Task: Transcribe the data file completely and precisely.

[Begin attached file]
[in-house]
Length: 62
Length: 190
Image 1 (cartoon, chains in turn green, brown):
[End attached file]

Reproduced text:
[in-house]
Length: 62
Length: 190
Image 1 (cartoon, chains in turn green, brown):